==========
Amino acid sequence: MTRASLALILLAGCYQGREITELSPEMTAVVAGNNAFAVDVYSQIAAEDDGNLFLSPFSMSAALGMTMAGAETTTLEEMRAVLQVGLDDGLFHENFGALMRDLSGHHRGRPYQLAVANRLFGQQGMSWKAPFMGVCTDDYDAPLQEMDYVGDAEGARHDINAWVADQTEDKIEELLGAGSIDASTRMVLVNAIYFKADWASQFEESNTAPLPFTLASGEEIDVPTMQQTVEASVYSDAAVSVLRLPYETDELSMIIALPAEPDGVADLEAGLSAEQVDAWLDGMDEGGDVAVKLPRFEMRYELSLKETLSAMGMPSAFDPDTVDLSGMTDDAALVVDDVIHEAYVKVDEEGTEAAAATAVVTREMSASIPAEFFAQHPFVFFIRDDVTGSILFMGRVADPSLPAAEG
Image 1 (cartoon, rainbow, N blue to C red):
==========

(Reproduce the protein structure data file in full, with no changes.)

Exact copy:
Amino acid sequence: MTRASLALILLAGCYQGREITELSPEMTAVVAGNNAFAVDVYSQIAAEDDGNLFLSPFSMSAALGMTMAGAETTTLEEMRAVLQVGLDDGLFHENFGALMRDLSGHHRGRPYQLAVANRLFGQQGMSWKAPFMGVCTDDYDAPLQEMDYVGDAEGARHDINAWVADQTEDKIEELLGAGSIDASTRMVLVNAIYFKADWASQFEESNTAPLPFTLASGEEIDVPTMQQTVEASVYSDAAVSVLRLPYETDELSMIIALPAEPDGVADLEAGLSAEQVDAWLDGMDEGGDVAVKLPRFEMRYELSLKETLSAMGMPSAFDPDTVDLSGMTDDAALVVDDVIHEAYVKVDEEGTEAAAATAVVTREMSASIPAEFFAQHPFVFFIRDDVTGSILFMGRVADPSLPAAEG
Image 1 (cartoon, rainbow, N blue to C red):